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Drill team

Energy | High prices at the pump are changing the politics of domestic oil extraction and handing Republicans a potentially hot issue for the fall campaign

Issue: "Left behind," June 28, 2008

With every upward tick of the gas pump price gauge, American consumers grow more desperate for relief and less enamored with environmental causes. Dropping $70 for a tank of fuel that cost $35 less than two years ago has proved a powerful agent for change in the political winds. Many Republicans believe the nation is now ready to reconsider a 27-year-old blockade to offshore oil drilling.

GOP presidential candidate John McCain stands among that lot, throwing his weight behind ending the drilling ban in a speech to Houston oil executives this month. McCain's reversal of his long-standing opposition to offshore exploration mirrors the progression of many U.S. voters and could prove politically expedient.

Nevertheless, Democratic presidential contender Barack Obama blasted the Arizona senator for not taking the long view: "It's another example of short-term political posturing from Washington, not the long-term leadership we need to solve our dependence on oil." Obama favors a windfall profits tax on oil companies and greater federal investment in renewable energy sources, a strategy more in line with public opinion from two years ago when gas prices first began their historic climb.

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New polls suggest changing attitudes. Gallup reports that 57 percent of Americans support opening up more domestic areas for drilling, and a new Rasmussen survey finds two-thirds of voters favor drilling off the coasts of California, Florida, and other states.

What's more, in the midst of an international food shortage partially resulting from the recent biofuel fad, some environmentalists have stepped off the alternative fuel soapbox. Turns out, converting food to fuel carries unintended consequences-like starvation in Third World countries.

Even among those still opposed to new drilling sites, the combination of pain at the pump and in the grocery aisle has at least offered a stiff reminder that economic consequences of environmental policy are no trifle. High gas prices might well explain the failure of a cap-and-trade carbon emissions bill to gain any significant traction in the Senate earlier this month.

But following Obama's lead, Democrats remain unwavering in their opposition to offshore drilling. An amendment to a House spending bill that would have allowed new drilling sites 50-200 miles from the country's shores has twice failed at the subcommittee level along party lines this month. Rep. John E. Peterson, R-Pa., the amendment's author, is surprised that Democrats remain unwilling to budge on an initiative with increasing public support: "The American people understand we now have chosen not to use our energy. The Democrats will have to tell us why."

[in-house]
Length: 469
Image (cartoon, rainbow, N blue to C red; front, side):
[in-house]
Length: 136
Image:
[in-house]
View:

The majority party's explanation is three-fold: First, compromise legislation from 2006 opened 8.3 million acres to oil exploration in the Gulf of Mexico, which has yet to yield returns. And the federal government has leased some 91 million additional acres for domestic production, much of which is going unused. Second, they say, potential domestic oil reserves amount to just 3 percent of the world's supply and could not solve our foreign dependency or significantly reduce prices. Lastly, they fear environmental degradation from the threat of coastal oil spills.

Sen. Bill Nelson, D-Fla., a leading critic of drilling off the Florida coast, condemns McCain's new position on the issue and has instead introduced a bill to ban unregulated trading of oil on the commodities market, which some analysts blame for rising costs. "There isn't enough oil in the U.S. to make even the smallest dent in world oil prices," he said. "To curb prices in the short run, we need to regulate oil traders. For the long term, we need to break America's oil addiction."

According to government reports, the nation uses about 20 million barrels of oil per day. The federal Minerals Management Service estimates that Peterson's amendment would open access to 86 billion barrels, enough to supply national needs for more than a decade, though not all of that oil may be immediately accessible.

Oil companies contend that the areas currently open for drilling do not contain sufficient reserves to make production commercially viable. They say Democrats' assertions that federally leased lands remain untapped reflect naiveté about the nature of oil extraction. Companies must purchase and explore large blocks of land in hopes that a small area will yield enough oil to justify the initial purchase. Once reserves are discovered, mapping, construction, and drilling can take years, during which time the land appears to remain untapped in statistical analyses.

Rex Tillerson, chief executive of Exxon, told The Wall Street Journal that "anybody who's got a commercial discovery today in the United States has got it under development."

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